In 2006, in the midst of a growing opioid epidemic, the FDA approved the new narcotic painkiller Opana.
It was a familiar drug.
Under the name Numorphan, it had been abused in the 1960s and 1970s
until it was removed from the market. When injected, the drug is 10
times as potent as morphine.
And now there is a familiar problem.
Known generically as oxymorphone, the FDA approved the new version of
the drug -- made by Endo Pharmaceuticals -- in 2006 as both an
immediate-release and extended-release pill. Then in December 2011, the
agency approved a new abuse-deterrent version -- but users have been
able to foil the anti-injection mechanism and have been shooting up
In addition to overdose risk, abuse of Opana by injection has been tied to a recent outbreak of HIV in rural Indiana as well as a surge in hepatitis C infections in several Appalachian states.
It also has been associated with a blood-clotting disorder and permanent organ damage -- a problem that didn't occur with injection abuse of generics and the earlier version of the drug.
When Opana was approved, it joined more than a dozen other narcotic painkillers on the market.
"There certainly didn't seem to be a need for it," said James Roberts, MD,
a professor of emergency medicine at Drexel University College of
Medicine in Philadelphia. "There are plenty of narcotics around for pain
As Numorphan, the drug's popularity among addicts was due to its quick and sustained effect, according to the 1974 report "Drugs and Addict Lifestyle" by the National Institute on Drug Abuse.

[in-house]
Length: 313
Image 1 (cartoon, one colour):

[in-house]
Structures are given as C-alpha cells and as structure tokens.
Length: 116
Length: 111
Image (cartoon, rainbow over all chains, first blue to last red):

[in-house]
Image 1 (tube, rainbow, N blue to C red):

The report said the drug -- which carried a street name of "blues"
-- was used primarily by white males and highlighted 309 Philadelphia
area addicts who were interviewed about their Numorphan abuse in 1970.
Many of the addicts said they preferred the drug over heroin.
Originally approved in 1959, FDA records indicate the pill form of
Numorphan was taken off the market in 1979 for what is described as "commercial reasons." Its intravenous and suppository formulations were allowed to remain on the market.
In an email, FDA spokesman Eric Pahon said opioids, including Opana,
are important medications for the treatment of pain, when used properly.
"The FDA is concerned about the misuse and abuse of prescription
opioids, which is a serious public health challenge, and is working in
many ways to help prescribers and patients make the best possible
choices about how to use these powerful drugs," he said. "We must
balance this effort, however, with ensuring prescribers and patients
maintain access to these medications and a variety of treatment options
Opana ER generated 756,000 prescriptions and sales of $385 million in
2013, according to data supplied by IMS Health, a drug market research
firm. Since 2009, its annual sales have ranged from $246 million to $640
In an email, Endo spokesperson Heather Zoumas Lubeski said the drug
"was approved by the FDA based upon its demonstration of safety and
effectiveness in clinical trials and its successful submission of an
application for approval."
Meetings Impact Approval?
A Milwaukee Journal Sentinel/MedPage Today examination found
oxymorphone's re-appearance on the market followed a pattern identified
in past investigations, including cozy relationships between regulators
and drug company executives and the use of questionable clinical
testing methods allowed by the FDA.
Endo was a frequent participant at meetings of an organization funded
by pain drug companies that brought together pharmaceutical executives
and federal regulators during the 2000s, records show.
The group, known as IMMPACT, was the subject of a 2013 Journal Sentinel/MedPage Today investigation.
The story highlighted how federal health industry officials, members
of academia, and executives of companies that make pain drugs held
private meetings at expensive hotels at least once a year beginning in
2002, according to emails obtained through a public records request.
Each year, a handful of drug companies paid up to $35,000 each to
send a representative to the meetings where they could discuss clinical
trial design with FDA officials.
The arrangement was criticized as appearing to be pay-for-play